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Jefferies initiated coverage on LVS with a buy rating.  Fair enough.  Using the correct share count drops the price target by 20%. Still a buy?



As we pointed out in our 09/14/09 post, “Check Your Models”, many analysts continue to use the wrong share count in calculating earnings and price targets.  This isn’t a minor error.  In Q1, LVS reported a loss, so ordinary shares of 660 million were used as the share count.  However, going forward, we expect LVS to be continually profitable so fully diluted shares must be used.  Since LVS has a convertible outstanding and significant common stock warrants, the share count will be much higher – 815 million per our math.


Jefferies price target is $30 based on 660 million shares, implying an equity target value of $19.8 billion.  If the analyst was using an appropriate fully diluted share count close to our estimate, the price target would only be $24.  Since the stock closed yesterday over $24, this stock can hardly be rated a Buy with that price target.


Will Jefferies downgrade the stock upon recognition of their error?  Unlikely.  Look for a subtle model and valuation revision magically resulting in the same $30 price target.


Position: Long Chinese Yuan via the etf CYB.


Conclusion: Slowing economic data supports sequentially slowing growth in China, and policy actions suggest more slowing is to come. Despite this, China's organic growth story is right on track. Eventually, investors will pay a premium for it again.


Like we’ve been saying since our January 15th  Chinese Ox in the Box theme, China’s 6-9 month economic outlook looks bearish. As bearish as that may be, the long term economic outlook for China is equally bullish and at a point, investors will again pay a premium for that growth. The whole concept of premium is hinged upon relative economic health and that will begin to matter a great deal more than it did in 1H10, as investors begin to rightfully get long those nations with strong balance sheets.


China has been tightening its economy to cool its white hot growth and inflationary pressures. Those methods have included: targeting a reduction in loan growth, raising lender’s reserve requirements, selling bills to soak up excess liquidly, and tightening controls on the expansion of businesses that are heavy energy users (i.e. manufacturing). As a result of these actions, we have seen Chinese economic growth slow as verified by the following data points: 

  • GDP slowed sequentially: 10.3% y/y in 2Q vs. 11.9% y/y in 1Q;
  • Money supply growth (M2) continues to slow: 18.5% y/y in June vs. 21% y/y in May – June marks the slowest growth since Dec. 2008 and has slowed each month since November;
  • Loan growth continues to slow: 603B Yuan ($89B) in June vs. 639.4B Yuan ($94B) in May vs. 774B Yuan in April;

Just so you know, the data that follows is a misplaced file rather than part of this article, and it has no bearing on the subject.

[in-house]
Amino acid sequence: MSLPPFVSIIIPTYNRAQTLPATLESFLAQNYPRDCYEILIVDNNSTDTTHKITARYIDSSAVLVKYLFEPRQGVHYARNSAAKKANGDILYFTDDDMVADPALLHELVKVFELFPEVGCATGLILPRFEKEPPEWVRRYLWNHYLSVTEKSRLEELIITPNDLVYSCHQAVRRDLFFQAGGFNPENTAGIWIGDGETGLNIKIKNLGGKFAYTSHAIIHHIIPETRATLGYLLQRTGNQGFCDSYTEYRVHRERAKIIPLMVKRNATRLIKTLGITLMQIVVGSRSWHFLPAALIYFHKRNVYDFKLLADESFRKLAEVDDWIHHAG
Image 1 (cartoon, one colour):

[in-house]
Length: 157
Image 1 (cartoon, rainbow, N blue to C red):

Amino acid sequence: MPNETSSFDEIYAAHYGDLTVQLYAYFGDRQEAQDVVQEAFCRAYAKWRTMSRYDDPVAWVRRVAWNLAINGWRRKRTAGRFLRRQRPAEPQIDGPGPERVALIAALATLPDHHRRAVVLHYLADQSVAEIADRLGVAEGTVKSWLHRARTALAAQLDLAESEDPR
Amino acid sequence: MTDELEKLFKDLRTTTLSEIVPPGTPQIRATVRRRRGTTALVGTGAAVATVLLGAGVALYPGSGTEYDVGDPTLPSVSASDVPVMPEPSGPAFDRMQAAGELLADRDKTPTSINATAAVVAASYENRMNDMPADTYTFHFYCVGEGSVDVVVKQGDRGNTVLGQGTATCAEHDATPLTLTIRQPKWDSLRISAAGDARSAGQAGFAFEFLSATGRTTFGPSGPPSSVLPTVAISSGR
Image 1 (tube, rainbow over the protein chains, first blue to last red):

• Property Prices continue to slow: 11.4% y/y in June vs. 12.4% y/y in May vs. 12.8% y/y in April;
  • CPI slowed sequentially: 2.9% y/y in June vs. 3.3% y/y in May
  • Commercial Real Estate sales growth slowing – Floor Space sold declining: 15.4% y/y Jan-June vs. 22.5% y/y Jan-May; Sales Volume slowing: 25.4% y/y Jan-June vs. 38.4% y/y Jan-May;
  • Fixed Assets Investment continuing to slow: 25.5% y/y Jan-June vs. 25.9% y/y Jan-May;
  • Funds In Place for Investment continuing to slow: 29.2% y/y Jan-June vs. 33.8% y/y Jan-May;
  • Investment in Construction Projects slowing: 27% y/y Jan-June vs. 28.7% y/y Jan-May. 





As suggested by the data above, China’s tightening measures are producing the desired results and China has no plans to loosen the reins anytime soon. On Tuesday, The Ministry of Housing and Urban-Rural Development reiterated that it will maintain curbs on speculative purchases and increase market supply. Furthermore, China’s banking regulator said it has made no changes to policies on home loans, calling on commercial banks to strictly enforce home loan rules.


The momentum associated with these declining statistics and the government’s resolve to maintain tightening policies towards the Chinese property market suggest that the easy money in China has likely moderated for now. As a result, the Chinese equity markets have suffered (the Shanghai Composite is down 27% YTD and is underperformed by only Greece since the start of the year). Chinese entrepreneur confidence followed suit, down 2.5% Q/Q in 2Q, alongside slowing imports, slowing PMI, and slowing industrial production. Furthermore, weakening commodity prices in the face of a dollar decline are all sings that the Chinese demand side of the REFLATION trade is diminishing.






CHINA: SETTING UP TO OUTPERFORM - China Growth Commodites Index